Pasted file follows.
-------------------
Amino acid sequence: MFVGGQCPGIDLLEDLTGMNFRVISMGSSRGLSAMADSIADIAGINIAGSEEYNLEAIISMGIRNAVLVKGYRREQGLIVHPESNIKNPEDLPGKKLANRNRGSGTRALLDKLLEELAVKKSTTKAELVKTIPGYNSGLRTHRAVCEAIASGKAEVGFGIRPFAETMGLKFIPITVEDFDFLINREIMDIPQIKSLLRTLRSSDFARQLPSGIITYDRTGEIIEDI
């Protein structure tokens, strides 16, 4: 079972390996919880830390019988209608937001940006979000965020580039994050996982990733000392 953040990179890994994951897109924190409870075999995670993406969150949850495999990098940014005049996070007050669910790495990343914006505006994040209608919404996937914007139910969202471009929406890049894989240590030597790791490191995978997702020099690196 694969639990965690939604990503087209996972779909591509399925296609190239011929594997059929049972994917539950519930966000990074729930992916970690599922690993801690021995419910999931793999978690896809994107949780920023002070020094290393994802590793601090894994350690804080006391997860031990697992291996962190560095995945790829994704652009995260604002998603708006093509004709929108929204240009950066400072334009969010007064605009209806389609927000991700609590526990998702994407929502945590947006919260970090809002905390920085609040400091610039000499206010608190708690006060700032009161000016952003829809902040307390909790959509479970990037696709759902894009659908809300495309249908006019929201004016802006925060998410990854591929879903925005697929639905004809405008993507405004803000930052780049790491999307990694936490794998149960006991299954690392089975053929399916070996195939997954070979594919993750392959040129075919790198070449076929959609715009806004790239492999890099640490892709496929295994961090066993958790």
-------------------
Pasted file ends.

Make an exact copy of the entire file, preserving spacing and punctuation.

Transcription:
Amino acid sequence: MFVGGQCPGIDLLEDLTGMNFRVISMGSSRGLSAMADSIADIAGINIAGSEEYNLEAIISMGIRNAVLVKGYRREQGLIVHPESNIKNPEDLPGKKLANRNRGSGTRALLDKLLEELAVKKSTTKAELVKTIPGYNSGLRTHRAVCEAIASGKAEVGFGIRPFAETMGLKFIPITVEDFDFLINREIMDIPQIKSLLRTLRSSDFARQLPSGIITYDRTGEIIEDI
């Protein structure tokens, strides 16, 4: 079972390996919880830390019988209608937001940006979000965020580039994050996982990733000392 953040990179890994994951897109924190409870075999995670993406969150949850495999990098940014005049996070007050669910790495990343914006505006994040209608919404996937914007139910969202471009929406890049894989240590030597790791490191995978997702020099690196 694969639990965690939604990503087209996972779909591509399925296609190239011929594997059929049972994917539950519930966000990074729930992916970690599922690993801690021995419910999931793999978690896809994107949780920023002070020094290393994802590793601090894994350690804080006391997860031990697992291996962190560095995945790829994704652009995260604002998603708006093509004709929108929204240009950066400072334009969010007064605009209806389609927000991700609590526990998702994407929502945590947006919260970090809002905390920085609040400091610039000499206010608190708690006060700032009161000016952003829809902040307390909790959509479970990037696709759902894009659908809300495309249908006019929201004016802006925060998410990854591929879903925005697929639905004809405008993507405004803000930052780049790491999307990694936490794998149960006991299954690392089975053929399916070996195939997954070979594919993750392959040129075919790198070449076929959609715009806004790239492999890099640490892709496929295994961090066993958790």